Now that the blank is finished and the ferrules are on and lapped in, the next thing to do is to glue the handle and reel seat onto the blank. Now it is beginning to look like a fly rod. Then we place the line guides up the length of the rod. The feet of these guides are wrapped to the rod using the finest diameter silk thread available. This will give the wraps a smooth and beautiful look. The silk wraps are then given 3 to 5 coats of a high quality varnish. Under the varnish the silk becomes transparent, showing the guide feet and bamboo – a very desirable effect.
Rods can be up graded with things like an agate stripping guide (the guide closest to the handle of a fly rod). This is a guide cut from natural agate stone and held in a nickel-silver ring. Other features that can be added also include a feather inlay. This is a nice touch to a fly rod and when done properly, will look as though the feathers have been painted on the rod.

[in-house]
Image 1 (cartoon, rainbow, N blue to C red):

It can take over one hundred hours of work to make a split cane fly rod from start to finish. The process of building these rods are much the same as they were 150 years ago. The reward for the labor is a fly rod that is truly unique and will perform better than one that has been mass produced in a factory half way around the world by people you’ll never even meet. The tools are simple and few: a micrometer, calipers, block plane, files, etc; and so are the methods. Fly rods made of modern synthetic materials can be quite beautiful, intricate fishing tools and have a place in any angler’s collection. Custom built synthetic rods should in no way be scoffed at by bamboo aficionados. However, a bamboo rod speaks of tradition and a slower pace of life in a sport rich with tradition. Casting a bamboo fly rod is as timeless as fly fishing itself and upon using one many anglers never use a synthetic rod again. Yes, bamboo rods can be that good!
To read more about my rod making philosophy, clickHERE.